Understanding Triple Negative Breast Cancer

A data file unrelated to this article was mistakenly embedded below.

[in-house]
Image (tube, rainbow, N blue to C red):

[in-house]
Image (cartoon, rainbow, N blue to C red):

One of the audience questions I frequently hear asked at conferences relates to treatment for Triple Negative Breast Cancer. As we know by now, breast cancer is not one form of cancer, but many different “subtypes” of cancer.These subtypes are generally diagnosed based upon the presence, or lack of, three “receptors” known to fuel most breast cancers: estrogen receptors, progesterone receptors and HER2.The case with triple negative is that none of these receptors are found. In other words, a triple negative breast cancer diagnosis means that the offending tumor is estrogen receptor-negative, progesterone receptor-negative and HER2-negative, thus giving rise to the name “triple negative breast cancer.” As my own cancer is ER-positive, I confess that my knowledge of triple negative breast cancer is more limited. However, I am indebted to A rural woman’s breast cancer journal for an excellent posting on the subject and a link to TNBC, a website dedicated to Triple Negative Breast Cancer.